A root canal treatment is a filling that is placed right through the middle of the tooth, to replace a missing pulp (nerve), when it has become infected. Some reasons that this might happen are because of decay, a crack, trauma, an unbalanced strain on the tooth because of adjacent missing teeth, or a deep filling that is close to the nerve. The procedure normally involves being numbed up with local anaesthetic, clipping a small rubber mat over the offending tooth, and cleaning and flushing out the infected pulp, and removal of the infected tooth structure. Antibiotics are placed through the root canal system, and the tooth is sealed in the first stage of treatment, which takes approximately 1 hour. Some teeth are easily attended to because the canals are accessible and straight up and down. Other times the root system is very complex, with up to five opening inside the tooth, which travel in narrow canals, with hooks etc, which can be extremely difficult to access and clean. The second appointment, for 1 hour involves flushing the inside of the tooth and the sealing of the canal/s with latex points and a specialised cement, and sealing of the access point. Sometimes a referral to an endodontist (root canal specialist) is required to successfully treat a very complex case. Root canal treatment is 95% successful, so that most teeth are able to be saved.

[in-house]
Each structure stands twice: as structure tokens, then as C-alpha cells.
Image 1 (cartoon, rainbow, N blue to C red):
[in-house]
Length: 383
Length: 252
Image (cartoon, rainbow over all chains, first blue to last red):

It is important to recognise that discomfort can be associated with root canal treatment, however this can be minimised by attending to a problem earlier rather than later. The worst case is for someone who presents with a festering tooth, which is already very painful, and has been painful for some time, which is then unpleasant for the patient, and difficult for the dentist to sort out. Attending to an issue sooner, is likely to result in less pain, and a better outcome.